Free SHS: Eduwatch scolds govt over debt owed uniforms and food suppliers

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Mid, Year, Budget, Review, Increase, Capitation, Grant, Basic, Schools, Educawatch

Kofi Asare

The Africa Education Watch says the continuous demand for arrears by the National Association of Institutional Suppliers and National Food Suppliers is a clear indication that the government is unable to effectively run the Free Senior High School (FSHS) policy.

This follows a two-week ultimatum issued to the government by the National Association of Institutional Suppliers to pay monies owed them since last year.

The group is in charge of the production and supply of school uniforms to students in public schools.

Executive Director of Africa Education Watch Kofi Asare, in an interview, says it would be prudent for the government to review the FSHS policy immediately.

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“Even though we are still in the COVID crisis, the issue of school uniforms and food supply is simply a matter of the government’s inability to finance the FSHS programme effectively and fully. I am saying this because, in the past six years, the government has barely released 65% of the allocated funds for the FSHS programme by the end of the year. So, if you have a programme where disbursement is averaging 60% every year for the past six years, you are obviously going to run into such levels of debts.”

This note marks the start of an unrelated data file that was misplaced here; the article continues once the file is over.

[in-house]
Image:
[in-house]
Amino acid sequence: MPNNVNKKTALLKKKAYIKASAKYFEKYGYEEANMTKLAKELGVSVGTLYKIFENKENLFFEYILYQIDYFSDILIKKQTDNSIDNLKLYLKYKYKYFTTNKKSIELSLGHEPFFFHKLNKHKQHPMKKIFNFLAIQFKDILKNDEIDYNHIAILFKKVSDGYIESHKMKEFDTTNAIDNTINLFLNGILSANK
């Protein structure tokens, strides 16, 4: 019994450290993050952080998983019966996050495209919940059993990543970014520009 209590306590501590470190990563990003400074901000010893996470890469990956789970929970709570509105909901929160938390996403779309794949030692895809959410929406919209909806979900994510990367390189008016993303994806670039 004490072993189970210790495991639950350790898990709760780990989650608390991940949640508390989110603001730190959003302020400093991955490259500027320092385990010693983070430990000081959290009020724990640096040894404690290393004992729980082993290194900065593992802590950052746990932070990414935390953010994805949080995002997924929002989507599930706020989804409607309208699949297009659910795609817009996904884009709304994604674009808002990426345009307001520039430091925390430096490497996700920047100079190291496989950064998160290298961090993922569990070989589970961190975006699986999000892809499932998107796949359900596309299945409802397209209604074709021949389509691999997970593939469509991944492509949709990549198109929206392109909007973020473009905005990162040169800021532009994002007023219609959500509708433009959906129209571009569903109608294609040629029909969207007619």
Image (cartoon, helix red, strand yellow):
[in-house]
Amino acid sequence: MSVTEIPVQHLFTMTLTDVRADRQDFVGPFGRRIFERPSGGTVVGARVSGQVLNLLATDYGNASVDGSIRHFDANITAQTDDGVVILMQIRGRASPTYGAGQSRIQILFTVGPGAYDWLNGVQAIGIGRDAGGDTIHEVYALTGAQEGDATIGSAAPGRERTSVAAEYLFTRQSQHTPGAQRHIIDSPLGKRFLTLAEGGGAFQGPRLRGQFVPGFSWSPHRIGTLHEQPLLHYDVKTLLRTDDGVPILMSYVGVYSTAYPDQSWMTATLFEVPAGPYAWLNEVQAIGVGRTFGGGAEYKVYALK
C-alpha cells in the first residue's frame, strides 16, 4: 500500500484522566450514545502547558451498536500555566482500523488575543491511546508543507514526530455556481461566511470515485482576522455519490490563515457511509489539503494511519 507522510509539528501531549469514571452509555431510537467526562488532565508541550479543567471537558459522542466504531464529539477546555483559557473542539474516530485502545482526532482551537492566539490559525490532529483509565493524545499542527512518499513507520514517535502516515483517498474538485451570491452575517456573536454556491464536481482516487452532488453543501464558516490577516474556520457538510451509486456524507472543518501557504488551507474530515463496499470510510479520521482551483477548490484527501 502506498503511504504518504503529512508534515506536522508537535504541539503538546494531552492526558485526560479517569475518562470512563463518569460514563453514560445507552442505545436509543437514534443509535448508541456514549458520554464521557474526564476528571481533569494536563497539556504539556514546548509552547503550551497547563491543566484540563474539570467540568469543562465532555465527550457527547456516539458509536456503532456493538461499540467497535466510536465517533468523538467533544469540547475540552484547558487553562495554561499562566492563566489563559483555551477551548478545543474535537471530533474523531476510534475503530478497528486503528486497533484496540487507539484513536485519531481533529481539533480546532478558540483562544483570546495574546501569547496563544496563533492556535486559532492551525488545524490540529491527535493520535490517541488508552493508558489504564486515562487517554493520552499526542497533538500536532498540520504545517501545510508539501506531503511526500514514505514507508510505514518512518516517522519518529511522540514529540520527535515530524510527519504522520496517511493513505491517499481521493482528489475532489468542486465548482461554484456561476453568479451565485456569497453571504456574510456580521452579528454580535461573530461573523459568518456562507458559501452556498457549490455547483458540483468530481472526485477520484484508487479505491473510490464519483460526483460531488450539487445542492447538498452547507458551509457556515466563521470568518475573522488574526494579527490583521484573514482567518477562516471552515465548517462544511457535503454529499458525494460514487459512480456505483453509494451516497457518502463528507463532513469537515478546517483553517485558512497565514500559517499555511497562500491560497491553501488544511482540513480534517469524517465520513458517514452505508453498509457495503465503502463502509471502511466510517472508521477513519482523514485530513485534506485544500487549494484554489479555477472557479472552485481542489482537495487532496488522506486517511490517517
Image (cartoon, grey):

Asare also called on the government to pay the monies owed the National Association of Institutional Suppliers and cancel the uniform contract.

“Parents have the responsibility of buying school uniforms for their children. Parents were buying school uniforms for their children when they were in junior high school. It beats my mind that immediately they enter senior high school, one parent becomes so poor that they cannot clothe their own children.”

“It doesn’t make any economic sense. So, the government should cancel all those contracts, pay off the debts, and freeze that needless expenditure. They should focus the resources we have on critical teaching and learning materials that reasonably poor parents cannot afford.”

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